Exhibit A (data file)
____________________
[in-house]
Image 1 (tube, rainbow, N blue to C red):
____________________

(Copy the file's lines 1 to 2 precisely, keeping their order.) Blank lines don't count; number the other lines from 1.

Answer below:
[in-house]
Image 1 (tube, rainbow, N blue to C red):